Featherweight titleholder Rafael Espinoza has established himself as a formidable force in the division, but he aspires to be recognized as a pound-for-pound fighter. This, he believes, requires facing elite opponents such as Naoya Inoue and Robeisy Ramirez.

Espinoza wasted no time in stopping Sergio Chirino via a fourth-round technical knockout on Friday at the Fontainebleau Las Vegas. He knocked Chirino down three times during the bout – in the first, third and fourth rounds.

For the 30-year-old Espinoza (25-0, 21 KOs), of Guadalajara, Jalisco, Mexico, the dominant performance demonstrated his capability beyond a single notable victory, as he outclassed an opponent unfamiliar to a broader audience – a performance that would be expected of a titleholder.

After the fight, Espinoza reflected on the significance of his first title defense in Las Vegas.

“It was my dream, really. I thought about it a lot,” said the 6-foot-1 featherweight via a translator. “Ever since I was a kid, I wanted to fight in Las Vegas, and now I am here. I think what happened in that last fight, or after becoming a champion, I did get better.”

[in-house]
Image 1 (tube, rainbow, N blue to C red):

Espinoza’s towering height is unheard of at 126 pounds, and in the ring Friday he stood a full four inches taller than Chirino (22-2, 13 KOs), who, at 5-foot-9, is a relatively tall featherweight.

Espinoza previously defeated two-time Olympic gold medalist and featherweight titleholder Ramirez last December. It was a memorable match, with both fighters hitting the canvas. Ramirez, who is set to fight Brandon Benitez on June 29, has made claims that Espinoza is afraid of a rematch.

Espinoza said he welcomes the challenge, even suggesting possible venues, and acknowledged that his mentality has shifted since winning and defending the title.

“I am ready and willing because I want to be a pound-for-pound fighter,” Espinoza said. “I would like to [fight in] Guadalajara or Mexico, if possible. If not, we could do it here in Las Vegas.”

Another potential opponent for Espinoza is Naoya Inoue, the undisputed junior featherweight titleholder. Inoue, one of the top fighters of the modern era, seemed destined to fight Ramirez before Espinoza’s upset victory. Espinoza is now eager to take Ramirez’s place in a potential matchup with Inoue.

“Yes,” said Espinoza when asked whether he wants that matchup if Inoue moves up to featherweight. “Because that has been one of my dreams, to fight him. Because in beating him, I would become a pound-for-pound fighter, which is one of my dreams. We’re ready and willing, and we look forward to that. So we wait for him to come up.”

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